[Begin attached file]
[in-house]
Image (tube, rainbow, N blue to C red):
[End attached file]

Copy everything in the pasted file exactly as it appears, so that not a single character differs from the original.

[in-house]
Image (tube, rainbow, N blue to C red):